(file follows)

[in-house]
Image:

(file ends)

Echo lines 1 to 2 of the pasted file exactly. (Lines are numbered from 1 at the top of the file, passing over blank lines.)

[in-house]
Image: